McCourt to Dodgers bidders: Room to raise ticket prices
Not in precisely those words, of course. However, the so-called "bid book" advised prospective owners that the Dodgers' average ticket price last season ranked 10th in the major leagues, even though the team played in the second-largest market in the majors.
The Dodgers have cut ticket prices for next season, after posting their lowest attendance in a non-strike season since 1992. Their average price for a non-premium seat last season was $30.59, trailing the two New York teams, the two Chicago teams, the Boston Red Sox, Minnesota Twins, Philadelphia Phillies, St. Louis Cardinals and Houston Astros, according to Team Marketing Report.
The Angels' average ticket price was $17.13, according to Team Marketing Report.
The bid book is designed to help prospective owners decide whether to bid on the Dodgers and how much the team might be worth. The Times obtained its information from someone who has seen the book but is not authorized to disclose its contents.
The Dodgers generated about $240 million in revenue last season, according to the book. That figure would be essentially even with 2006 and down 17 percent from a record $289 million in 2008, according to records filed in Los Angeles Superior Court. The Dodgers' revenue has declined every year since then.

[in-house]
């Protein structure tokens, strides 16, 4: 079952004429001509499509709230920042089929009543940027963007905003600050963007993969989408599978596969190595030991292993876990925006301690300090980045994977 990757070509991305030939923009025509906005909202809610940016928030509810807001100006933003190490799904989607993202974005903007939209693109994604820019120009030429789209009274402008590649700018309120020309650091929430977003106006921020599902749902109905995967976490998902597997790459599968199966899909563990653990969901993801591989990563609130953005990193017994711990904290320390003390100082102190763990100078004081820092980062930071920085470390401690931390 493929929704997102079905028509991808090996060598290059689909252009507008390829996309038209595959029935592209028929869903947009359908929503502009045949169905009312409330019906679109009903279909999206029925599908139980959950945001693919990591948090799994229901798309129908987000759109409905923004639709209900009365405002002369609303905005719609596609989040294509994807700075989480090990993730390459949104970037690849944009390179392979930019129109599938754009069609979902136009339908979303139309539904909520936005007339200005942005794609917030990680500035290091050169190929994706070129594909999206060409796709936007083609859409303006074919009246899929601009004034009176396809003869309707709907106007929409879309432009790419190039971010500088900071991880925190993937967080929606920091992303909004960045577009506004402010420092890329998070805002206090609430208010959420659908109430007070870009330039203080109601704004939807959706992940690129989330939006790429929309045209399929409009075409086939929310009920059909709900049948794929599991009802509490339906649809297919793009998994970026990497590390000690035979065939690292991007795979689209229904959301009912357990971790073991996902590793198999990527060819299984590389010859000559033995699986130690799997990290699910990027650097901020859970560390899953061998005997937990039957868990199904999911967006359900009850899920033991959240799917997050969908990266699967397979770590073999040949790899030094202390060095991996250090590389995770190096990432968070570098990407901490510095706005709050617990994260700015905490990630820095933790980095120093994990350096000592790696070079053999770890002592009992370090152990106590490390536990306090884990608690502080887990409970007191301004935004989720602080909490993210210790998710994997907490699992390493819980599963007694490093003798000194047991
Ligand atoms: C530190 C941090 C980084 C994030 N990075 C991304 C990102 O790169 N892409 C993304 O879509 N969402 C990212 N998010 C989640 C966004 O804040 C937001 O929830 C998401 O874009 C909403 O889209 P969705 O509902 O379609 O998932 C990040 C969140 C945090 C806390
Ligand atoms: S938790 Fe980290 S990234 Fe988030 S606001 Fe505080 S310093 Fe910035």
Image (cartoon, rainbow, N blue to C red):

However, revenue was $156 million in 2003, the year before McCourt bought the team.
The Dodgers turned a profit of about $2 million last season, but before debt payments that almost assuredly turned that small profit into a double-digit loss. The Dodgers' profit before debt service dropped about $27 million from the 2010 season, as forecast in this Times story.
The bid book also reminds prospective owners of an annual $14-million payment the Dodgers must make to another McCourt entity not included in the sale and says that figure is scheduled to increase as soon as 2015.
-- Bill Shaikin
Photo: Dodger Stadium. Credit: Damian Dovarganes / Associated Press